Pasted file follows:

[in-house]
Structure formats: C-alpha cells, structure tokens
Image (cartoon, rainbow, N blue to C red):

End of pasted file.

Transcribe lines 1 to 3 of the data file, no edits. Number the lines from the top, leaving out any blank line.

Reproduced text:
[in-house]
Structure formats: C-alpha cells, structure tokens
Image (cartoon, rainbow, N blue to C red):